If computers can beat grandmasters at chess, why shouldn't they outperform the best traders on Wall Street?
That's the theory behind the Boston-area mutual fund firm,
, and several Web sites that use quantitative analysis software to help you decide what to buy and when.
Quantitative analysis is a mouthful, to be sure. But applied to investing, it simply means the study of the company (or perhaps a sector), based on quantifiable data. That usually means key ratios such as price-to-sales, for example, along with average analyst rankings. A quantitative analysis model might also throw in economic data, and it might compare how interest rates have affected a particular company or its sector in the past.
Contrast that with fundamental analysis, which relies more on subjective or qualitative data, such as the skill of a company's management.
Brokerages and institutions have used quantitative modeling for years. But there's always been a mystique surrounding it. The actual inputs into the model tend to be closely guarded secrets. The models have been called black boxes, while the models' programmers have often been dubbed "quants" or "rocket scientists," and kept holed up in back rooms.
Quant Funds has been using quantitative analysis software since 1985 to manage a portfolio that currently includes six mutual funds. The key word here is "manage." Because after creating their model, the funds' carbon-based managers pretty much sit back and let the thing go to work. The model generates both buy and sell signals. But any actual trading, you may be relieved to know, is done by people.
"We're not always on autopilot," says Steve Esielonis, who manages Quant Fund's flagship fund, the $87.9 million
Quant Growth & Income.
"We don't override often; but we do override," he says. Esielonis and his computer model have racked up a five-star rating from
and a five-year annualized return of almost 30%, somewhat lower than the return of the
index for a comparable period. The fund did outperform the benchmark last year. Nothing a computer should be ashamed of, necessarily.
So how does the model work? As Esielonis explains it, the process begins with a fairly straightforward stock screen, similar to those you find at sites like
www.stockpoint.com) or Microsoft's
www.moneycentral.com). The screen acts as a search engine. The fund's managers program it to look for stocks with variables they like, such as high-percentage growth, or a significant departure from a moving average. Then the screen kicks out a list of stocks that match the criteria.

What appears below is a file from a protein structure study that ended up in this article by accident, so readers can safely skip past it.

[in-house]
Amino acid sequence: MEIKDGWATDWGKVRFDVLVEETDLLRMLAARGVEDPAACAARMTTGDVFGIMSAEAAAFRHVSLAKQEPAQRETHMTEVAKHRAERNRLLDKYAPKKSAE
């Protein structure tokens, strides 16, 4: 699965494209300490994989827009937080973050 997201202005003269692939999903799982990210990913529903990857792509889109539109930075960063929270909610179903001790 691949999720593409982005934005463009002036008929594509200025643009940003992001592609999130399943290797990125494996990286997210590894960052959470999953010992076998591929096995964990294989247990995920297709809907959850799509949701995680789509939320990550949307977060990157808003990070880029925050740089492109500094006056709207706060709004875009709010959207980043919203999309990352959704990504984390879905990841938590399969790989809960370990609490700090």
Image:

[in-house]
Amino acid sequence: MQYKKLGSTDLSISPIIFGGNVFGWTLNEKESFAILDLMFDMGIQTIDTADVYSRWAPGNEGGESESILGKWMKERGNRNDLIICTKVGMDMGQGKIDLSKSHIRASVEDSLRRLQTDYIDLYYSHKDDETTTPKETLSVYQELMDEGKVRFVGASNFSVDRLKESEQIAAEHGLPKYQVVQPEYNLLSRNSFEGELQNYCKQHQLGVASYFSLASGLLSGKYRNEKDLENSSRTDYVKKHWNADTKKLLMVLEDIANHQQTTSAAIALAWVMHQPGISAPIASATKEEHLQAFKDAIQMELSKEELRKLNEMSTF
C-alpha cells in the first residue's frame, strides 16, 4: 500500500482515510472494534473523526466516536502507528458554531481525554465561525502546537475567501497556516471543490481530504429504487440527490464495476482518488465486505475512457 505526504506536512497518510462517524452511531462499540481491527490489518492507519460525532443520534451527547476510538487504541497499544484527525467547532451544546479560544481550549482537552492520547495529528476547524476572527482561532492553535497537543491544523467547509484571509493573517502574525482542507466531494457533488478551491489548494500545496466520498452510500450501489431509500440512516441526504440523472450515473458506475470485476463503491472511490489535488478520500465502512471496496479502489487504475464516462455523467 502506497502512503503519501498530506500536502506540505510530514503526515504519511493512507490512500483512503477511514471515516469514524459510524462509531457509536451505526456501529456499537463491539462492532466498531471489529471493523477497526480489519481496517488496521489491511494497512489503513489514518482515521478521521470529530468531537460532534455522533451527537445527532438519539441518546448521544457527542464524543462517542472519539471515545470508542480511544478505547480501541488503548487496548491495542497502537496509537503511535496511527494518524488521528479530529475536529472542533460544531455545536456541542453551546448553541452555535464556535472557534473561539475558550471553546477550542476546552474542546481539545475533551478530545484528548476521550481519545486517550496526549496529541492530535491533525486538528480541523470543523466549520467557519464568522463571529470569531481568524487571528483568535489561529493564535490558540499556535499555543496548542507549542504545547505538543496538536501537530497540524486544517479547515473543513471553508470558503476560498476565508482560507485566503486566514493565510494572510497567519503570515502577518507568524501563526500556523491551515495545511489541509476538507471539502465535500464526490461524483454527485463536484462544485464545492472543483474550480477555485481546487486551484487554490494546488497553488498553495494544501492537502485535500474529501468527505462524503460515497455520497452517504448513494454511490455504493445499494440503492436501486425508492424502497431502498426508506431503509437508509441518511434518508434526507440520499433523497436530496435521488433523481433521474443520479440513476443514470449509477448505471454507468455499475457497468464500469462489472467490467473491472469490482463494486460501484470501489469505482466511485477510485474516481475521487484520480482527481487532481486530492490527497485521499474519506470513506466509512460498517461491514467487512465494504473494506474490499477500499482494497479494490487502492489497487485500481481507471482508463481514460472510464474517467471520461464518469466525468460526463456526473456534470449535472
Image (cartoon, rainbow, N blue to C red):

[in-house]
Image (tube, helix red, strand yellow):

Once the stock screen culls out a list of about 1,200 stocks, the quantitative model kicks in, measuring such things as how stocks performed during a similar interest rate climate. The model also might incorporate certain assumptions such as the estimated economic growth rate.
"What we know about these models is that they're very early on their initial buys, and very late on their sells," Esielonis says. "So we can adjust for that. There is a degree of human element."
Quant it Yourself
If you trust a computer to pick stocks more than your broker, there are other sites on the Web that'll let you test drive quantitative models on your own.
www.zacks.com), the earnings estimate people, publishes a model portfolio of "No. 1-Ranked Stocks" based on quantitative modeling. Zacks claims the portfolio has produced average annualized returns of more than 35% since 1980. (For more on model portfolios, see a recent
Tools of the Trade column.)
www.vectorvest.com) has a free service that gives a free quant-based analysis of "value," "safety" and "timing" for more than 7,000 stocks. Just enter a ticker symbol. You can also sign up for a $30 five-week trial and receive timing signals and other services. I know users who swear by this service.
www.validea.com), currently in beta, tries to put a human face on the cold process of quantitative analysis. Click on "Guru Strategy Search" from the home page, and you get a list of legendary stock pickers, including
. In fact, behind each name is a quantitative model, that's designed to mimic that guru's investment strategy. Enter a ticker symbol and find out which of the famous investment advisors would buy or dump the stock.
Validea.com president and co-founder Keith Ferry says it takes about six weeks to build each model. "We do extensive research with the books that each author has written," he says. "Plus we read their columns as a follow up, along with any mentions they make in conferences or in the press to extract their criteria according to their methodology and have it codified into a pretty comprehensive computer program." Piece of cake.
But now for the obvious question: Just how good is this stuff? Quant Funds and Zacks publish their results. Ferry promises Validea.com will do the same. But on the whole, quant models have performed poorly over the last several years, says Esielonis. That's mainly because most models haven't been adapted to the new economy. So they tend to pass up stocks with triple-digit price-to-earnings multiples, for example. In fact, Esielonis says quant models need constant tweaking in order to remain on track. "Sometimes models can get a little screwy on you," he says. "If you don't understand what's going on behind the scenes, you can be led down a path that you don't want to go down."
Bottom line: Don't bet the house on any of these models. Instead, consider a quant signal to be one piece of the due diligence you perform before trading any stock.
Mark Ingebretsen is editor-at-large with
Online Investor magazine and a consultant to a major insurance company. He has written for a wide variety of business and financial publications. Currently he holds no positions in the stocks of companies mentioned in this column. While Ingebretsen cannot provide investment advice or recommendations, he welcomes your feedback at